How To Increase Microswitch Life In End Use
Snap-acting switches are designed for long life. By understanding the application factors that affect switch life and applying this knowledge, the maximum switch life can get. Without this understanding, the user could inadvertently shorten switch life.
The Nature Of Switch Life
Switch life functions several variables in switch design, manufacturing, and end-use. A change of any one of these variables can alter the life of the switch. For this reason, a switch life figure has meaning only if it is accompanied by a statement of the conditions under which it applies. The application variables that have the most significant effect on switch life are circuit parameters, actuation, the environment, and the failure criteria. Given that a snap-acting switch is designed for long life, what can the user do to take maximum advantage of this feature? End-use variables can be classified under the headings of electrical, mechanical, and environmental factors. Several ways to prolong switch life are described below:
Electrical Factors Voltage:
In some instances where a switch is used to control a 480 volt AC load, the circuit can be arranged so that the switch performs the required function but controls only 120 volts. Usually, the contact life of a switch is about the same at 240 as at 120 volts AC and is only somewhat reduced at 480 volts. However, the probability of dielectric breakdown increases with the supply voltage, and switch life is appreciably longer at lower voltages.
As a rule, the lower the current, the longer the switch life. Therefore, reducing the current that the switch must close and open usually increases the life of the switch. There are exceptions, such as where spring life is the limiting factor or the rate and direction of contact material migration must be controlled. Circuits with high inrush current may limit switch life by contact erosion or welding. If the inrush is due to tungsten filament lamps or vacuum tubes, a resistor can be connected in parallel with the switch to keep the filaments warm and reduce the inrush current. Of course, This draws some current when the switch is open. If this is objectionable, a resistor or thermistor in series with the filament can reduce inrush current.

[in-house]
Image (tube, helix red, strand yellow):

The less severe the arc, the longer the life of the switch contacts. The most severe arcing usually is encountered in DC inductive circuits. Here the energy stored in the field is partially dissipated in the arc. Several arc suppression techniques are available. One simplest and most effective is a diode connected in a blocking mode across the DC coil. When the switch opens, the polarity of the voltage induced in the coil opposes that of the steady-state condition, and the diode conducts, shorting the coil. This can significantly reduce arc energy at the switch contacts and give a corresponding increase in switch life. The diode can be of much lower current capacity than the steady-state current of the load because the diode conducts only for a short time. The diode should have a peak inverse voltage rating exceeding the source voltage. Using a diode will delay the drop-out time of the inductive device by a few milliseconds, but this is usually acceptable. The arc suppression device should be tested to confirm its suitability. This way, reducing the arcing can significantly extend switch life by reducing the rate of contact material migration and decreasing the heat dissipated by the arc.
Choice Of Throw:
The normally closed throw of a snap-acting switch can break contact welds more than the ordinarily open it because of the nature of the switch mechanism. If a circuit has a high inrush current on closure or requires the switch to open current near its rated load, switch life is likely to be longer if the ordinarily closed throw is used to control the circuit.
Switches often are mounted on a surface or bracket that is electrically grounded. In many cases, this is desirable or necessary for safety. In others, it is optional. Suppose the mounting is connected to a standard electrical ground with the power supply. In that case, line voltage will be maintained between the current-carrying parts of the switch and the mounting surface. This applies continuous electrical stress and encourages dielectric breakdown as switch life proceeds. The electrical ratings of switches are established with the mounting grounded to provide “worst-case” conditions. However, if the switch is mounted on an insulator in end-use and actuated with an insulating member, the life of insulating parts will be prolonged.
- Actuate the switch coaxially with the plunger, if possible. If not, use a roller plunger or roller lever type switch to prolong the life of the plunger bearings.
- Avoid impact actuation and drop-off or snap release of the switch plunger.
- The life of the switch mechanism can be increased by reducing the travel of the plunger, but if the current is high, do not reduce plunger travel to the point where contact welding becomes a problem. If the life of the switch is limited by contact welding, drive the plunger to full overtravel and full release.
- Do not apply excessive force to the plunger at full overtravel.
- If the switch controls heavy electrical loads, actuation frequency should be no higher than 20 operations per minute on DC loads or 60 operations per minute on AC.
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